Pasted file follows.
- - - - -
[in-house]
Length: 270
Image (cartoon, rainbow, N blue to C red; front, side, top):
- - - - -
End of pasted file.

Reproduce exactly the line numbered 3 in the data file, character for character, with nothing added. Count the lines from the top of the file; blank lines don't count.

Image (cartoon, rainbow, N blue to C red; front, side, top):